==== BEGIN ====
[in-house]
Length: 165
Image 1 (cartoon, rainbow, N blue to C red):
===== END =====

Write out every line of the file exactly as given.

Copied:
[in-house]
Length: 165
Image 1 (cartoon, rainbow, N blue to C red):